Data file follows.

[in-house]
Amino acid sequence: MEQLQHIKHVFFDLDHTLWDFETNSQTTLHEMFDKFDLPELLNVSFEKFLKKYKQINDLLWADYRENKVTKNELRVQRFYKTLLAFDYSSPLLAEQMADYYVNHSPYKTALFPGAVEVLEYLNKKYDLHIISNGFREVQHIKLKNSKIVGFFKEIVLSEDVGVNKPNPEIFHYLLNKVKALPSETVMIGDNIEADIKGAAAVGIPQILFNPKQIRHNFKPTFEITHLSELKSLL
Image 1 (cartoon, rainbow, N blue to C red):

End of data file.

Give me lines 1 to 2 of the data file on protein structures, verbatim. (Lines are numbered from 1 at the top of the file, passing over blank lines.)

[in-house]
Amino acid sequence: MEQLQHIKHVFFDLDHTLWDFETNSQTTLHEMFDKFDLPELLNVSFEKFLKKYKQINDLLWADYRENKVTKNELRVQRFYKTLLAFDYSSPLLAEQMADYYVNHSPYKTALFPGAVEVLEYLNKKYDLHIISNGFREVQHIKLKNSKIVGFFKEIVLSEDVGVNKPNPEIFHYLLNKVKALPSETVMIGDNIEADIKGAAAVGIPQILFNPKQIRHNFKPTFEITHLSELKSLL